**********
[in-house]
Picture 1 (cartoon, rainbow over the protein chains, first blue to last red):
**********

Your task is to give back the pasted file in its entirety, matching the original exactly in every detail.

[in-house]
Picture 1 (cartoon, rainbow over the protein chains, first blue to last red):